Backdoor Roth IRA: What It Is and How to Set One Up

A backdoor Roth IRA lets you convert a traditional IRA to a Roth, even if your income is too high for a Roth IRA.
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Written by Elizabeth Ayoola
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Reviewed by Michael Randall
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Nerdy takeaways
  • A backdoor Roth IRA isn't a type of IRA; it's a strategy that converts contributions in a traditional IRA into a Roth IRA.

  • It’s useful for high earners who can’t contribute to a Roth IRA because of income limits but still want its tax-advantages.

  • Setting up a backdoor Roth can result in taxes on the money that was converted.

What is a backdoor Roth IRA?

A backdoor Roth IRA is a conversion that allows high earners to open a Roth IRA despite IRS-imposed income limits.

Basically, you put money you’ve already paid taxes on in a traditional IRA, then convert your contributed money into a Roth IRA, and you’re done. Even though you didn’t qualify to contribute to a Roth, you get to go in the back door anyway, no matter what your income.

That's good news because your money grows tax-free — and that's a pretty sweet perk when it comes time to take your money out in retirement.

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Roth IRA income limits

For 2024, the income limit for Roth IRAs is $161,000 for single filers and $240,000 for married individuals filing jointly

. If your income is above the limit, a backdoor Roth might be a good solution for you.

How to open a backdoor Roth IRA

Here’s a step-by-step guide on how to do a backdoor Roth IRA conversion:

1. Put money in a traditional IRA account. You might already have an account, or you might need to open one and fund it.

» See our list of the best IRA providers

2. Convert your contribution to a Roth IRA. Your IRA administrator will give you the instructions and paperwork. If you don’t already have one, you’ll open a new Roth IRA account during the conversion process. If you'd rather have someone take on this work for you, some financial advisors offer support in handling backdoor Roth conversions for their clients.

3. Prepare to pay taxes. Only post-tax dollars go into Roth IRAs. So if you deducted your traditional IRA contributions and then decide to convert your traditional IRA to a backdoor Roth, you’ll need to give that tax deduction back. When it comes time to file your tax return, be prepared to pay income tax on the money you converted to a Roth. And see below for details on the pro-rata rule, which plays a big part in determining your tax bill.

» Want some help? See our picks for best financial advisors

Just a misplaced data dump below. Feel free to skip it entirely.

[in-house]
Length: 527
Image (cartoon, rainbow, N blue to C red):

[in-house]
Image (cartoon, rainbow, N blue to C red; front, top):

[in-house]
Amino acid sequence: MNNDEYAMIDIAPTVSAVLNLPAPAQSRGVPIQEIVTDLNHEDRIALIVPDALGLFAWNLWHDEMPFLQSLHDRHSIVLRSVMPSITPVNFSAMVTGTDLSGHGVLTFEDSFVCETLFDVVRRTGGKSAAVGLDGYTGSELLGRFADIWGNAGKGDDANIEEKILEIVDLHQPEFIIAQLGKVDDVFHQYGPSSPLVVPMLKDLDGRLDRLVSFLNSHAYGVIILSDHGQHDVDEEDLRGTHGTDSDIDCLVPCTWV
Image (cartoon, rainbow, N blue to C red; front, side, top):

Backdoor Roth IRA rules

Keep these rules in mind to avoid penalties:

Only certain types of transfers are allowed

The conversion needs to be one of the following:

  • A rollover, where you receive the money from your traditional IRA and deposit it into the Roth IRA within 60 days.

  • A trustee-to-trustee transfer, where the traditional IRA provider sends the money directly to your Roth IRA provider.

  • A "same trustee transfer," where your money goes from the traditional IRA to the Roth at the same financial institution.

There is a pro-rata rule for backdoor Roths

The IRS requires rollovers from traditional IRAs to Roth IRAs to be done pro rata. Here's how it works: When determining your tax bill on a conversion from a traditional IRA to a Roth IRA, the IRS is going to look at all of your traditional IRA accounts combined.

If all of your traditional IRAs combined consist of, say, 70% pre-tax money and 30% after-tax money, that ratio determines what percentage of the money you convert to a Roth is going to be taxable. In this example, no matter how much money you convert or which IRA account you pull the money from, 70% of the amount you convert to the Roth will be taxable. You can't choose to convert only after-tax money; the IRS won't allow it

.

And a word about timing: the IRS applies the pro-rata rule to your total IRA balance at year-end, not at the time of conversion.

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Is a backdoor Roth IRA worth it?

Not always. A backdoor Roth IRA may not be a good idea if:

  • The only way you can pay the taxes due is with money from your IRA withdrawal. Not only are you sacrificing any future investment growth on that money, but there's also the risk that, if you're under age 59-1/2, you'll owe the 10% early withdrawal penalty on that money

    .

  • You'll need the money in five years or less. Money converted from an IRA to a Roth IRA falls under a Roth five-year rule: If you don't wait five years to withdraw it, you could owe taxes and a 10% penalty.

  • The withdrawal from your IRA will push you into a higher income tax bracket. It's generally a good idea to convert just enough that you're not pushed into paying a higher tax rate that year.

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